A special feature called Humse Sawaal Puchcho was introduced this year, and invites questions from readers on government functioning. Responses to queries from Bihar and Rajasthan have led to on-ground impact. More on what these have looked like can be found here and here




A new way of teaching-learning 

Not only did our knowledge offerings go digital, we also recrafted our trainings to suit the extended pandemic lockdown. We returned to the Indian School of Development Management for the fourth consecutive year, albeit virtually. Our flagship course ‘Understanding State Capabilities’ was offered to 38 students for a week.

In the course, participants are equipped to understand the root causes of administrative failure on the ground. The course also takes participants on a journey through India’s complex government system from the lens of decentralisation. 




The ‘Future of Governance’ forum

The online version of the Understanding State Capabilities course is open for public enrolment. This version was launched during the Future of Governance event co-hosted with Arthan from 7th-8th October. Curated by our Learning and Development team, the forum was an attempt to spark dialogue on the challenges and prospects of civil society-government collaboration in India.

The forum featured over 27 speakers, many of whom are leaders in public policy, non-profit, philanthropy and politics. They deliberated in five panel discussions; three masterclasses were also a part of the forum, which covered the conceptual underpinnings of citizen-government engagement. The forum saw more than 1,000 attendees.

A glimpse of the sessions held can be found in this blog. The videos of all the panel discussions can be accessed from here


Staff complete 10 years at the Accountability Initiative!

Many staff members celebrated 10 years with us. To mark the occasion, we posted their perspectives online, which you can read from here. Our staff are located in five states- Bihar, Himachal Pradesh, Maharashtra, Madhya Pradesh and Rajasthan.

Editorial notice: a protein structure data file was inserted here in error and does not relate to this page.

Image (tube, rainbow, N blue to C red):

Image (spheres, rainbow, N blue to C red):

Relooking social security 

In step with the passing of three labour reform laws by the Parliament, a policy brief entitled ‘Social Security for Informal Workers in India‘ explored India’s current labour market policies on provisioning of social security to informal workers in the unorganised sector. The brief specifically focussed on the Code on Social Security, 2020. An explainer covering the definition and scope of informality in India was also released in December. 




Hum Aur Humaari Sarkaar course goes virtual 

We started the year with the first ‘open application’ offline session of the Hum Aur Humaari Sarkaar learning programme (organised in Bhopal). Delivered in Hindi, the course unpacks India’s administrative structure, and the root causes of implementation failure at the last mile of public service delivery. Civil Society Organisations (CSOs) are critical to addressing this gap in service delivery as they can articulate the demands of the people, and hold the state accountable. Among others, staff from Pratham, Samarthan, Pehal participated in this session.  

Ending the year with a bang, we launched the online version of the Hum Aur Humaari Sarkaar course at the ‘Badhte Kadam’ forum, which also included a panel on ‘Capacities to engage with local administration more effectively’. An interactive zine based on the Inside Districts series was also released.  


Capturing the role of frontline workers

For the past two months our team has been busy conducting phone interviews with key Frontline Workers (FLWs) to understand their evolving roles, challenges and opportunities in the COVID-19 era across 2 states. These findings on the barriers to and facilitators of their performance, will be released in early 2021.